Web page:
Dog Not Eating? We Can Tell You Why…

By Jennifer Dempsey / July 27, 2018

We all know how important proper nutrition is for ourselves and our pets. A well-balanced diet is not only important to keep your pup energized but it’s also critical in disease prevention and healing. Due to the fact that dogs typically aren’t timid eaters, when a dog starts avoiding their food, it’s often a cause for concern. In this article, we hope to shed light on why your pup maybe not eating and provide possible solutions to get your pup back on the food train.

Dog Not Eating

What Causes a Loss of Appetite

There are several reasons behind why Fido may be refusing to eat. In order to solve the issue at hand, it’s important to get to the bottom of the underlying reason behind the anorexia since each one has a different treatment method.

Not Hungry

Perhaps the simplest reason why some dogs are not eating is that they just aren’t hungry. Pet owners should take into consideration whether their dogs may be getting too many treats or if they are overfeeding them when it comes to their daily food intake. If this is the case, simply cut back. A lack of appetite for this reason is the best-case scenario when it comes to your dog not eating.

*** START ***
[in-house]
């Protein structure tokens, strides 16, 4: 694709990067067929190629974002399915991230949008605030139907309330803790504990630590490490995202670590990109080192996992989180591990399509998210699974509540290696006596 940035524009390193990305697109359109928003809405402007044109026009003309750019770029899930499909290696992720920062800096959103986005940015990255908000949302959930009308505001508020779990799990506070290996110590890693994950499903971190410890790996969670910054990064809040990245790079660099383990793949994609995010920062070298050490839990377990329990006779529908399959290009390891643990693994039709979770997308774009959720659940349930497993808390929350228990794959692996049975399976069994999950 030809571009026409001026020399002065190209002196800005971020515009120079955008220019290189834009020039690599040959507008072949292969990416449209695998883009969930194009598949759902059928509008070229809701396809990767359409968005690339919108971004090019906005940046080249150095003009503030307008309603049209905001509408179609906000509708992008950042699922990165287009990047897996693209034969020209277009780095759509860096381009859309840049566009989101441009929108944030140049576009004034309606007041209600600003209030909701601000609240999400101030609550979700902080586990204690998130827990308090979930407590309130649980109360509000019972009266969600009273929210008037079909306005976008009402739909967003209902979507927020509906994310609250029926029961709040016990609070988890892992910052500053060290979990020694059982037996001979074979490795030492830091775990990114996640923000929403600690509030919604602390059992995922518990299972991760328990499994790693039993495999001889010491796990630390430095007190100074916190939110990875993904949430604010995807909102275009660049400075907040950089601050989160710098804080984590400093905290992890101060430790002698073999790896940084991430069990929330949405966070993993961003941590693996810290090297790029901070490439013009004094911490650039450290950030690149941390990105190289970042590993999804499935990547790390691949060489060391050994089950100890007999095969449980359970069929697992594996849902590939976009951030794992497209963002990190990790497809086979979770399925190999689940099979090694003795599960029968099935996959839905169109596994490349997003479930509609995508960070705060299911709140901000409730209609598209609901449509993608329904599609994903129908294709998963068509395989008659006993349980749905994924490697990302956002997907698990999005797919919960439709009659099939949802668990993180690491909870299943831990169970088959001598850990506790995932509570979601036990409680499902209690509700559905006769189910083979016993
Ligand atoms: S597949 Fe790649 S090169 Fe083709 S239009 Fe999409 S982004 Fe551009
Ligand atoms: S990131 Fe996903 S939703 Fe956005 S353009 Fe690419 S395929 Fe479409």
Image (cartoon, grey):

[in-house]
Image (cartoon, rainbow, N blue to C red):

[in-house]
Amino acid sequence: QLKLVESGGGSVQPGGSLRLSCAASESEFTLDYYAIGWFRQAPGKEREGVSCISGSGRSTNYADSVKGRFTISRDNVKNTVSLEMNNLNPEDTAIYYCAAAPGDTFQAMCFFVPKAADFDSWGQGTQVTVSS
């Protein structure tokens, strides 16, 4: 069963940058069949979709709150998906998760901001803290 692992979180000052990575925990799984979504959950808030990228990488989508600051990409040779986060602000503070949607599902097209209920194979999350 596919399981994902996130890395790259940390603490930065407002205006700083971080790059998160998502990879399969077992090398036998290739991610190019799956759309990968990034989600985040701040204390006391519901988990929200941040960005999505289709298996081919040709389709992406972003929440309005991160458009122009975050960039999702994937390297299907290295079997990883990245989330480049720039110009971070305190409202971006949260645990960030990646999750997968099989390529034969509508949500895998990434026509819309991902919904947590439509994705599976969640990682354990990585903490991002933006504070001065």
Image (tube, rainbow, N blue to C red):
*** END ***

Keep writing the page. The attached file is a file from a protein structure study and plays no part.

Picky Eater

It’s also entirely possible that you have a picky eater on your hands. You may want to try mixing their standard kibble or dry food with something new and exciting on top such as canned food. Some dogs are similar to people in that they need some variety from time to time.

Upset Stomach

Another common reason for a loss of appetite is an upset stomach. Generally, disinterest in food is paired with vomiting or diarrhea. Typically, a bland diet, such as boiled chicken with plain, white rice can help do the trick and ease an upset stomach. However, if you don’t see improvements within two days it is recommended to take your pup to the vet so that they don’t lose too much fluid.

Dog Not Eating

Dental Issues

We don’t have to tell you how awful a toothache feels. Unfortunately, dogs aren’t exactly able to tell us that they are in pain. Therefore, if your pup has seems to have a loss of appetite, dental issues may very well be the culprit. Other signs may include bad breath, drooling and eating on one side of the mouth.

Recent Vaccinations

Vaccinations, as well as new medications, may also affect your dog’s desire to eat. The love for all things edible should return within a day or two, but if it doesn’t, seek veterinary intervention. Fido might be having a reaction to the medication or to the vaccines.

Pain

As you can imagine, generalized pain can also cause your beloved four-legged friend to pass up on food opportunities. Unfortunately, when our pets are healing they need all the nutrients they can get. We’ll get into ways to get your dog to eat momentarily.

Dog Not Eating

Environmental Changes